Visitors from around the world come to admire the Zugspitze, Germany's highest peak in the Alps. But head east and you'll find yourself in a Bavarian Alpine idyll at Schloss Elmau's mountain lodge.
When we decide to order another Almdudler lemonade and a glass of Veltliner wine it is nearly five o'clock in the afternoon, the time at which the mountain lodge usually closes. But hostess Astrid Fieber takes our late order with a smile and soon returns with the herb-flavored lemonade and glass of white wine. "After all, we're not civil servants," she says, and this flexibility convinces the gentlemen at the neighboring table to also order another round. They say one more beer will lift their wanderlust to help them climb down the mountain.
The Elmau mountain lodge has been around for 90 years. It is located at a height of 1,203 meters (3,948 ft) in the midst of breathtaking mountain scenery. From here, you have a perfect view of the different peaks, the Zugspitze, the Alpspitze and the Dreitorspitze as well as the Karwendel mountain range with its Soiernspitze peak. The passing autumnal clouds help make this picture book vista real.
Get in the hut
"You have to climb up here, to come down": Astrid Fieber knows this well, even though she has only been serving at the mountain lodge for a comparatively short time. She has witnessed the calming and relaxing effect the hike has on people.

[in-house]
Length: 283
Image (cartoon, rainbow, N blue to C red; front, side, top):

Like her predecessor, she obtains all her goods from the nearby 5-star spa-hotel Schloss Elmau, which is also the owner of the mountain lodge. But while chef Mario Corti might be serving scallops and turbot in the valley, up on the mountain, the meals are more rustic: Popular dishes here are the Currywurst sausage, as well as apple strudel and lemon cake.
When US President Barack Obama and the other G7 leaders came to Schloss Elmau in June 2015, there was not enough time for them to hike up to the mountain lodge. The US president just managed a friendly "Grüß Gott" greeting in the nearby village of Krün, before vanishing behind closed doors to focus on world issues.
So in many ways, we are more fortunate than these world leaders: Our schedules are not controlled by tight agendas. All we need to enjoy the day are good hiking boots and a bottle of water for the hike.
The journey is (also) the goal
The small village of Klais is located a mere 100 kilometers (62 miles) from Munich and just 10 kilometers away from the spa town of Garmisch-Patenkirchen, with its fashionable pedestrian city centre. With a car these are negligible distances, especially considering that there are hardly any speed restrictions on the A96 highway to get there from Munich.
Racing at high speed towards the idyll of the Wetterstein mountain range is also part of the Bavarian way of life. The mountain hike offers a rewarding opportunity to truly wind down afterwards. There are no half measures here.
Just behind Klais, a barrier blocks the road. A friendly gentleman in a woolen jumper demands four euro ($4.30) to pass. Considering the panorama that was about to become visible he could easily have asked for more. Minutes later, we roll past Schloss Elmau and further on we drive on to the large parking place in the forest. In order for things to get crowded on this parking place several villages would all have to decide to simultaneously come here - which is probably the case during the summer months.